“I don’t want my money paying them. They are goons!” the 4th Ward resident said heatedly of the Indianapolis security firm hired by the Michigan City School Board to provide security for students, employees and school property in case of a strike by teachers.
“I’ve been fuming all day, and I think everyone else feels the same way,” said McAnally, who lives on Chestnut Street. “I haven’t talked to anyone who hasn’t resented our tax dollars going to pay for something like that. Everyone you will talk to resents the fact that they brought those men up from Indianapolis. They are goons.”
McAnally is far from alone in her anger about recent School Board decisions. More than any other issue, 4th Ward residents recently cited the School Board as their prime source of frustration in Michigan City.
Sore spots include the board’s ongoing contract dispute with the district’s teachers, who have been working without a contract for more than a year; the $62,000 the board has spent on attorney fees during the fruitless labor negotiations; and the possible closure of Elston High School and three to five elementary schools.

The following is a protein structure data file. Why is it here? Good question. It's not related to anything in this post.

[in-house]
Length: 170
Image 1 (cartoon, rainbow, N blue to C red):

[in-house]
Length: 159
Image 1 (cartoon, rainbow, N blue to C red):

"The School Board should be impeached"
Residents expressed frustration with the board, blaming it for wasting money during a time when teacher layoffs and school closures have been considered.
“We think the taxes are much too high and that the School Board should be impeached,” said Oretha Snyder, 110 Boyd Circle. “I don’t know anybody that’s destroyed the city as much as the School Board.”
“I think the School Board is the ruination of Michigan City. I mean, $62,000 for an attorney!” added her husband, M.J. Snyder. “They keep spending $1,000 here, $10,000 there, $100,000 there.”
“For all this money that they’re dishing out, they could have gotten an insurance package for the teachers,” said a Barker Road man who asked not to be named.
McAnally believes industries seeking to relocate are repelled by the ongoing controversies surrounding the board.
“We’ve been here for several years, and we’ve seen a lot of industry leave town,” she said. “I believe industries look at the school system before moving here. That was one of the first things we started asking about before we even came to Michigan City.”